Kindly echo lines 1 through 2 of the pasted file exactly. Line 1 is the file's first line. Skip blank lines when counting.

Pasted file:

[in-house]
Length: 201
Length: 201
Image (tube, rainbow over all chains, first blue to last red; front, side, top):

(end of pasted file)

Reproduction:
[in-house]
Length: 201